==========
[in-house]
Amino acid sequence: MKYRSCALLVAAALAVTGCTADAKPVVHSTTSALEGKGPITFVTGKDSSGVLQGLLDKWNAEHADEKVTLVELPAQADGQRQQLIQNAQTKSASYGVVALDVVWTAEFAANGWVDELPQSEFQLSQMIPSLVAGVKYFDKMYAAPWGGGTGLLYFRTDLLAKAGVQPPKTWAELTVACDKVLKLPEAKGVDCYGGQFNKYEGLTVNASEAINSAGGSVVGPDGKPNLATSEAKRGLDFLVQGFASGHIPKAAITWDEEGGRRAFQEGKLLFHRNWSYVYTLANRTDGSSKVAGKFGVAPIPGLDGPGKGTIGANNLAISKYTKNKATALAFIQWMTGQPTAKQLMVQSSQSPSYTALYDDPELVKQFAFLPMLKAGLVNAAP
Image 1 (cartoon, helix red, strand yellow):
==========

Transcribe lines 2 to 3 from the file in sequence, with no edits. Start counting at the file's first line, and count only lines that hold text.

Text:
Amino acid sequence: MKYRSCALLVAAALAVTGCTADAKPVVHSTTSALEGKGPITFVTGKDSSGVLQGLLDKWNAEHADEKVTLVELPAQADGQRQQLIQNAQTKSASYGVVALDVVWTAEFAANGWVDELPQSEFQLSQMIPSLVAGVKYFDKMYAAPWGGGTGLLYFRTDLLAKAGVQPPKTWAELTVACDKVLKLPEAKGVDCYGGQFNKYEGLTVNASEAINSAGGSVVGPDGKPNLATSEAKRGLDFLVQGFASGHIPKAAITWDEEGGRRAFQEGKLLFHRNWSYVYTLANRTDGSSKVAGKFGVAPIPGLDGPGKGTIGANNLAISKYTKNKATALAFIQWMTGQPTAKQLMVQSSQSPSYTALYDDPELVKQFAFLPMLKAGLVNAAP
Image 1 (cartoon, helix red, strand yellow):